Creating Estate Planning documents can (and will) leave you with the peace of mind that your family is protected. It is very important to review your documents at least once per year to see if anything changed in your circumstances.
So, what kind of life events could lead to the need for changes? Please find a (non-exhaustive) summary of these important events below:
When one of your Agents/Executors/Trustees/Beneficiaries Passes Away: You selected this person to be a key decision-maker because you love and trust them a great deal. If something happens to them, your first instinct will be grief – not its effect on your Estate Plan. However, it will be very important to revise your documents and select new decision-makers to replace them.
Grandchildren: Becoming a first-time grandparent is one of the greatest joys life has to offer. This milestone is also an important time to consider your Estate Plan – depending on your situation, it may be the first time a minor child could receive from your estate.
Because minors cannot receive shares outright, their share will have to be held by a court-approved custodian. This can be a very lengthy and tedious process that is avoided with a Revocable Trust.
Marriage/Divorce: Any time your marital status changes, you will need to revise your Estate Planning documents. Even though divorce typically precludes your former spouse from receiving, you will want to “clean up” your documents to make your estate as easy as possible to manage.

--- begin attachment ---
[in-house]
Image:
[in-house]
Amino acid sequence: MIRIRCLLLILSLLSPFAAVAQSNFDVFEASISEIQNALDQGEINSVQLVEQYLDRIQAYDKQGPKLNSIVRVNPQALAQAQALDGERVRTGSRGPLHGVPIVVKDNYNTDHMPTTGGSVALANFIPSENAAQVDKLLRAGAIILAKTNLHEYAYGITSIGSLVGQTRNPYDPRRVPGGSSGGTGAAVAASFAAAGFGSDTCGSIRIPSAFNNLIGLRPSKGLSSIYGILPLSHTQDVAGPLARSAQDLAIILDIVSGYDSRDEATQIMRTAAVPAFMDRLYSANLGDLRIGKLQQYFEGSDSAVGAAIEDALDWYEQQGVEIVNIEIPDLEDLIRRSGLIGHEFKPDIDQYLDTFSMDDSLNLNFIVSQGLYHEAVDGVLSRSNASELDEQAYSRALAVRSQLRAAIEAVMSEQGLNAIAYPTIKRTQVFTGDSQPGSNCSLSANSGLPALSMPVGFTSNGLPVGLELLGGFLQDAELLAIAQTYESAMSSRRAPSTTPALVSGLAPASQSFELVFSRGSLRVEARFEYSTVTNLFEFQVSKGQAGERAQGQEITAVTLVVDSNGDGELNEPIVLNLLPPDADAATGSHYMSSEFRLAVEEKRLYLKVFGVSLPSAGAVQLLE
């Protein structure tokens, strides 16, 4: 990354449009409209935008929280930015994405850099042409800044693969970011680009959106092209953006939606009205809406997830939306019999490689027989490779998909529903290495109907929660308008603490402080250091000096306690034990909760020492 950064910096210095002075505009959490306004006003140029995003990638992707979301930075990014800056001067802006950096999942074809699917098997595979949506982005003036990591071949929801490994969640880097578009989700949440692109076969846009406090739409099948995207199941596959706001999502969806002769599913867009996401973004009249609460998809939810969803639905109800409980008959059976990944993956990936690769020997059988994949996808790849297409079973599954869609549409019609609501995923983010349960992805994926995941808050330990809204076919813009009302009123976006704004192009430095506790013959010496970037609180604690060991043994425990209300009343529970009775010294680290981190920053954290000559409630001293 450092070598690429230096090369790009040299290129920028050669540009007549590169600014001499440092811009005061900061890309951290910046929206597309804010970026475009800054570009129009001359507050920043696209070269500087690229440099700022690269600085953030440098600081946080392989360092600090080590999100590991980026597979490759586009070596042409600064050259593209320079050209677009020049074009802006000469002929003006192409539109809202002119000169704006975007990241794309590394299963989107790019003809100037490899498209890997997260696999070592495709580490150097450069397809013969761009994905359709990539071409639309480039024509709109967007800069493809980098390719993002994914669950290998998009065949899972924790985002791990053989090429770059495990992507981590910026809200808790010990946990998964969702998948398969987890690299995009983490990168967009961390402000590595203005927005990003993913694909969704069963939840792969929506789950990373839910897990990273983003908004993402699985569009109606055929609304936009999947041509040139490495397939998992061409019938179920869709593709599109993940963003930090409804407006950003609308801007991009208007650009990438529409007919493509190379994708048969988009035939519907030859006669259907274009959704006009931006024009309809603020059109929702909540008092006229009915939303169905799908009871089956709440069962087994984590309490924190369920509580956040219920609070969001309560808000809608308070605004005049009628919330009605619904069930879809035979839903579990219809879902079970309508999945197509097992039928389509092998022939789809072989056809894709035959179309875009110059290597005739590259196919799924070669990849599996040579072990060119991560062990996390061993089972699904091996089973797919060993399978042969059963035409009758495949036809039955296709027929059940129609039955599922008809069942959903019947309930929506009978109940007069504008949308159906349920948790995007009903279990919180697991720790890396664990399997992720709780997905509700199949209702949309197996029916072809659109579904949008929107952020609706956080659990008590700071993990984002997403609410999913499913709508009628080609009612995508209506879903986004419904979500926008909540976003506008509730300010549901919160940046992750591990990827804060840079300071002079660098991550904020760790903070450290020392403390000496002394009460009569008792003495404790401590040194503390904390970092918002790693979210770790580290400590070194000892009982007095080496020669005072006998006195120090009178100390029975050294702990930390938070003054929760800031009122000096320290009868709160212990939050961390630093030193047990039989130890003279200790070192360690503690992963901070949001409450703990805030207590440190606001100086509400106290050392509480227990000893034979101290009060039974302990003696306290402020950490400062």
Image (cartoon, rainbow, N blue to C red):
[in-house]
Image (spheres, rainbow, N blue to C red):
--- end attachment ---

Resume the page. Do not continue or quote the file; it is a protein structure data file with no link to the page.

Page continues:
Moving out of State: Whenever you move to a new state, you should meet with a Trusts and Estates attorney from your new state to have your documents reviewed.
Purchasing Your First Home: A home is typically one of the largest assets many of us have. For most first-time homebuyers, it can turn your assets into what the courts would consider a “regular estate” from a “small estate”. This elevation comes with significant additional work in the probate process.
Significant Change in Financial Situation: Perhaps you initially prepared your documents when your finances were simpler. Maybe a family member left you a large share of their estate. Any time you experience a significant change in your financial circumstances, you should meet with an Estate Planning attorney to see how it affects your estate plan.
Please call us if you would like help protecting your money and loved ones in the event of death or disability. You can call out Client Intake Manager at 301-696-0567 during regular business hours, email us at firstname.lastname@example.org, schedule online at lenaclarklegal.com, or speak to one of our 24-hour representatives after hours.